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New Analysis: Expanding Medicaid Would Increase CHC Reimbursement Revenue by 32% on Average

Monday, August 08, 2022

***Media Release*** 

August 8, 2022 

Contacts: Stacie Borrello, NCCHCA Communications & External Affairs Manager |  borrellos@ncchca.org, 919-996-9208; Brendan Riley, NCCHCA VP, Government Relations & External Affairs | rileyb@ncchca.org, 919-469-1116                     

Expanding Medicaid Would Increase Community Health Center Reimbursement Revenue by 32% on Average, New Analysis Finds 

Passing Medicaid Expansion Would Create Jobs in the Health Care Workforce and Expand Care Access in Rural and Underserved Communities 

Click to view and download the August 2022 Issue Brief: More Than an Insurance Card: How Medicaid expansion will increase the services of NC Community Health Centers and improve health outcomes. 

A new analysis of North Carolina Community Health Center data released this week shows that expanding Medicaid would not only directly benefit individuals gaining coverage, but it would also significantly increase revenue for North Carolina’s Community Health Centers (CHCs), allowing health centers to expand services and serve more patients. On average, net increases in reimbursements to CHCs would jump by 32.2 percent annually—for health care services they are already providing to their uninsured patients.  

CHCs play an important role as safety-net providers in medically underserved communities. While these Centers do their job well with limited resources, they face challenges because North Carolina has not yet expanded Medicaid. While CHCs are the provider of choice for hundreds of thousands of insured patients, an average of 40 percent of CHC patients are uninsured, putting a strain on CHC operating budgets. 

Because CHCs are required to reinvest all non-grant funds into programs that expand care access for the medically underserved, expanding Medicaid will promote financial stability for these critical safety net providers and allow them to increase capacity.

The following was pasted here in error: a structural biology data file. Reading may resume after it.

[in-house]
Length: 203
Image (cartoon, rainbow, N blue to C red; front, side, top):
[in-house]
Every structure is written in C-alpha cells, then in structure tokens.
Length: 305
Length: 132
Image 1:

“Under Medicaid expansion, we would be getting an additional $3-4 million a year in revenue from Medicaid. Those are dollars that Federally Qualified Health Centers will reinvest into new services and new practice locations,” said Chris Vann, chief development officer at CommWell Health, a Community Health Center with sites in five counties throughout the southeastern region of North Carolina. 

Medicaid expansion would also enable CHCs to make investments in expanding access to care by recruiting more providers to rural communities and expanding service lines like behavioral health and Medication Assisted Treatment (MAT) services. 

“With Medicaid expansion, we can add comprehensive specialties such as cardiology, podiatry, or ophthalmology practices to support our patients with comorbid conditions that we see frequently, like hypertension and diabetes,” said Scot McCray, CEO of Advance Community Health in Raleigh. 

By keeping patients out of the ER and preventing hospitalizations, CHCs help reduce health care spending by approximately 29 percent per patient per year, making health centers a remarkable investment for health care dollars. 

“While we understand that some lawmakers are concerned that expanding Medicaid would create a strain on provider capacity, our research shows that Medicaid expansion would, in fact, bolster our providers’ capacity. Medicaid expansion would mean that our Community Health Centers, who now serve a significant portion of uninsured patients, would receive reimbursements for care that was previously uncompensated, allowing health centers to increase capacity by hiring more staff and expanding programs to serve more patients,” said Brendan Riley, NCCHCA’s Vice President of Government Relations & External Affairs. 

For a detailed look at how Medicaid Expansion would impact Community Health Centers and their patients, refer to the North Carolina Community Health Center Association’s August 2022 Issue Brief: More Than an Insurance Card: How Medicaid expansion will increase the services of NC Community Health Centers and improve health outcomes. 

About CHCs: Federally Qualified Health Centers (FQHCs), also known as Community Health Centers (CHCs), which provide integrated primary medical, dental, pharmacy, behavioral health, and enabling services to more than 743,000 people in the state, regardless of their insurance status or ability to pay. By mission, Community Health Centers provide high-quality care in rural and medically underserved communities and to vulnerable populations, and as such are the backbone of the primary care safety net in North Carolina.

About NCCHCA: The North Carolina Community Health Center Association represents 42 Federally Qualified Health Center (FQHC) member organizations that provide integrated medical, dental, pharmacy, behavioral health, and enabling services to more than 743,000 patients at over 370 clinical service sites in 85 N.C. counties.

Click the link to view and download the two-page Issue Brief: More Than an Insurance Card: How Medicaid expansion will increase the services of NC Community Health Centers and improve health outcomes

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